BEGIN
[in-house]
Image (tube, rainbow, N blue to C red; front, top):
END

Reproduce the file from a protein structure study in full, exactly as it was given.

[in-house]
Image (tube, rainbow, N blue to C red; front, top):